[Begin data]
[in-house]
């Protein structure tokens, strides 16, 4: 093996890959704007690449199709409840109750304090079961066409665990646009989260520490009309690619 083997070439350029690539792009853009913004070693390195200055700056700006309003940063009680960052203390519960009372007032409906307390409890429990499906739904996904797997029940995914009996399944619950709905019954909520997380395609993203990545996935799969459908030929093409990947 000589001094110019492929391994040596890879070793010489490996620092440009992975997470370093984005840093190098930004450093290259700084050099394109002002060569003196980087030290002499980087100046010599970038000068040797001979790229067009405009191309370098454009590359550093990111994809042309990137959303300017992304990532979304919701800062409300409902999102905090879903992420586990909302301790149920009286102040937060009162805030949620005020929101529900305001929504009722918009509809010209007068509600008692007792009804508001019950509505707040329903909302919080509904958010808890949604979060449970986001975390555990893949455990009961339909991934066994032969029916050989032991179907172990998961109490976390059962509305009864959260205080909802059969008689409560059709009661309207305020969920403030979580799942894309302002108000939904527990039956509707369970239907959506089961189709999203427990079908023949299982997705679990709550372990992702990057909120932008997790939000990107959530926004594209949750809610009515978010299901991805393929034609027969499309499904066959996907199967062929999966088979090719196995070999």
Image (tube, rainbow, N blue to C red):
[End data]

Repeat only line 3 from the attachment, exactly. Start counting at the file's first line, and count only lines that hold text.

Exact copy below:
Image (tube, rainbow, N blue to C red):